Please note: some of these scenarios may not apply this year depending on what your safe celebrations look like due to the coronavirus pandemic. However, most of these tips also apply to pandemic stress eating - so hopefully you find them helpful no matter what!
A quick internet search on “how to stay on track during the holidays” reveals a plethora of rather useless tips: drink a lot of water! Bring your own food! Eat a meal before! Only eat fruit! The Mayo Clinic even goes so far as to recommend joining a weight management program. Thanks Mayo Clinic!
All this is great ON PAPER, but you know that by 7:30 PM you are going to be 3 glasses of Sauvy B deep, glancing lovingly at a plate of salted caramel brownies, trying to avoid political discussions and nosy relatives asking about your relationship status, and much, much more.
How do we cope?
In the nutrition world, the time between Halloween and New Year’s Eve is informally known as “national eating season.” Let’s look at a few strategies that could potentially help, during eating season and beyond.
Understand the difference between emotional cravings and physical hunger.
Ask yourself the following questions. If the answer is yes to any of them, keep reading:
- Do you eat more when you’re feeling stressed?
- Do you eat when you’re not hungry or when you’re full?
- Do you eat to feel better (to calm and soothe yourself when you’re sad, mad, bored, anxious, etc.)?
- Do you reward yourself with food?
- Do you regularly eat until you’ve stuffed yourself?
- Does food make you feel safe? Do you feel like food is a friend?
- Do you feel powerless or out of control around food?
Know that emotional hunger comes on quickly and is often centered around one type of food. Anyone ever spend 3 hours thinking about Doritos and trying to talk yourself out of eating them? That is emotional hunger. Physical hunger comes on more gradually and you can satisfy it with a meal that is healthful and well balanced, not a specific food. Social influences and childhood memories often trigger emotional eating around the holidays, so always give yourself some time to check in with yourself here.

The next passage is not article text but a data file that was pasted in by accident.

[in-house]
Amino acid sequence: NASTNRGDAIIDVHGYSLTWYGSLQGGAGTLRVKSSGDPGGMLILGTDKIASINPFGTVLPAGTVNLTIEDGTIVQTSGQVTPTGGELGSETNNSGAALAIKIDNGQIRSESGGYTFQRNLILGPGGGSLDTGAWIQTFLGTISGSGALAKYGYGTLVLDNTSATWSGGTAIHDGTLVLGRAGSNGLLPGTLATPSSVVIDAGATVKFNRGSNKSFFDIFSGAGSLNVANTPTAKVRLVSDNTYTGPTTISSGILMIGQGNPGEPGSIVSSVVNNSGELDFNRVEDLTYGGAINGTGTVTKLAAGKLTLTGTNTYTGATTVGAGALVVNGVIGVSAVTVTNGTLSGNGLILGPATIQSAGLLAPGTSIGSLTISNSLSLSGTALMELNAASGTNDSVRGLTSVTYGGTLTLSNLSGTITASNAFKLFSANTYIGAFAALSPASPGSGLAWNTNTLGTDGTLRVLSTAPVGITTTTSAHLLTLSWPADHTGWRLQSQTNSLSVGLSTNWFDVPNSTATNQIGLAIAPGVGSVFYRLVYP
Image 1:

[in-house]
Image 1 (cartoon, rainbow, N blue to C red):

Adopt a “maintain not gain” point of view.
Unless you absolutely must lose weight for a weight classed competition or are dealing with extreme obesity that is life-threatening, October through December is a very difficult time to lose weight or to begin a new program. It can be done, it is just difficult. At Shebnation® we often coach our clients to just maintain the progress they made over the year and remain stable during this time.
With a little work, you can have those salted caramel brownies (or Doritos) and still maintain your current bodyweight, all the while enjoying celebrations with relatives and loved ones (and maybe those loved ones you love a little less).
Understand and acknowledge where your personal “minefields” might be and avoid stepping on them.
Say you are going to spend 3 weeks with your family, outside your regular routine and away from your regularly scheduled foods. Note the times and places where nutrition might get out of hand and try to minimize multiple “minefields” in one day.
For example, your parents always order pizza Christmas Eve. But your Aunty Evelyn likes to do an ice cream sundae run that afternoon with the grandkids, and breakfast is always cinnamon rolls and bacon. All these are fine on their own, but multiple scenarios like this over multiple days will probably result in weight gain and general feelings of bloat and indigestion.
Decide which tradition is most important (and fun) for you and say “yes” to that, then courteously decline the other two. You can still participate without eating all the things. This is a time of year when we cannot really afford to eat whatever the heck we want (aka "go full a$$hole") for 3 months - that’s 25% of the entire year. When you think about the holidays in the big picture of your goals, it may be easier to say no to that cookie you really didn’t want in the first place.
Sheb is the Arya® Resident Nutrition Coach and record holding powerlifter. Her company, Shebnation® Nutrition was founded in 2017 and she has helped countless people reach their nutrition and weight loss goals, all the while fostering an environment of science based knowledge and empathetic support for her clients. If you're interested in learning more about Shebnation Nutrition, visit Shebnation.com or find @Shebnation on Instagram.